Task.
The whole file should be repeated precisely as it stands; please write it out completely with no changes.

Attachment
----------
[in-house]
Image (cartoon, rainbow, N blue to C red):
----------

[in-house]
Image (cartoon, rainbow, N blue to C red):